Posts by: A Photo Editor

The Daily Promo – Fredrik Clement

Fredrik Clement

Who printed it?
After moving to Klitmรธller, a small village on the northwestern coast of Denmark, I wanted to try working with a local printer. He had to dust off his old machines to make me happy, because as so many other printers he persisted in trying to convince me to do it digitally. But nothing beats the smell of real ink on paper.

Who designed it?
I collaborated with graphic designer Troels Schwarz of Superschwarz (www.superschwarz.dk), who is also a friend. We came up with a simple, almost minimal design and used the same weight of paper for the cover and pages. Folding the cover makes it thicker which makes the design work well. The visible stitching and loose stitching thread completes it. Itโ€™s basically just one kind of paper, a thread, and ink. The paper is uncoated, warm toned which I think sits especially well with the black and white images.

Tell me about the images?
Theyโ€™re a mix of old and new, commercial and personal work. Curating the images was important to me. Some of the images are from personal projects in Indiana more than ten years ago, some are from cycling event Paris-Roubaix 2013 and some from recent commercial work for Adidas. The promo also has images from European refugee camps; a pro bono project collaboration with UEFA Foundation for Children. My photographic approach is documentary and I wanted to make this evident in the promo by showing a wide selection of my work, in a narrow style.

How many did you make?
350 pieces.

How many times a year do you send out promos?
Not too often. To be honest, I do it when I feel like it. Less than yearly.

Do you think printed promos are effective for marketing your work?
Yes. This time around, my agent (www.unit.nl) sent out around 50 pieces and so far Iโ€™ve sent out around 150 pieces, half for existing clients with a personal, written note, and half to art buyers, direct clients and agencies I would like to work with in the future. This is ongoing, I send out the promos regularly when Iโ€™ve identified new potential clients or people that I would like to reach out to.

The Daily Promo – Frances Tulk-Hart

Frances Tulk-Hart

Who printed it?
Mixam.com

Who designed it?
I did, it is half the fun of it. I really love the process of seeing how all the writing, drawings and photos can make a story.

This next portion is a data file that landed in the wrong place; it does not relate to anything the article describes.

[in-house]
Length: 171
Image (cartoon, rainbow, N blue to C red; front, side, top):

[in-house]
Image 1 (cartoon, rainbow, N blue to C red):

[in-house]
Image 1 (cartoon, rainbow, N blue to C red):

Tell me about the images?
This project started in the New Year. I initially wanted to make a zine and then it turned into a journal of sorts. Every two months the plan is to bring a new one out. The images in each zine/journal, shall we call it a zournal, are relevant to those two month. So this one is January and February. Photos I got back from the developer, doodles I did, work that was published, thoughts, all things that happened in those two months. I can cheat a little too. Like for instance there are two images in there that are from years ago but because I was teaching a class at RISD in January and was doing research for it I was allowed to use the images I was going to show my class as examples!

How many did you make?
I made 100 for now but might do another run. Iโ€™m also thinking about selling them so might need to print up a lot more.

How many times a year do you send out promos?
The plan will be to send out a new promo 6 times this year, every couple of months.

Do you think printed promos are effective for marketing your work?
This is the first time I have done a printed promo but the feed back iโ€™m getting is that people are amazed and thankful to be actually holding and feeling something in their hand as opposed to staring at work on a screen. Iโ€™ll let you know at the end of the year how effective it was in getting me work!! Effectivness aside though, just doing them is enjoyable, I have so much fun working on them. Itโ€™s like a puzzle trying to figure out how my work all fits together. I re designed my website and made a book last year that was about 150 pages which is where I first realized how much I loved designing the book as much as doing the art that went in it. Also what is nice is that unlike instagram, which I use as a promotional platform, once I send these babies out into the world I have no idea if they will be seen and or appreciated. I let go of them, not worrying about likes or dislikes.

The Daily Promo – Danielle Atkins

Danielle Atkins

Who printed it?
AMP in Nashville https://advocateprinting.net/

Who designed it?
HEW+Co. https://www.hewandco.com/

Tell me about the images?
The images I chose are from a whole range of my clientsโ€ฆeditorial, cookbook & advertising.
I tried to pick images that could mix and match to give a sense of my overall style of work and be able to tailor to who I would be sending them too.

The Cocktail is from a bar in called Pearl Diver and was a part of a cover story for Nashville Lifestyles.
The slices of cake are from the cookbook Everyday Little Cakes.
The first portrait is of the sommelier & executive chef of Henrietta Red. I have been working with them since before the opened the restaurant and I really wanted to include women who are doing amazing in the restaurant industry.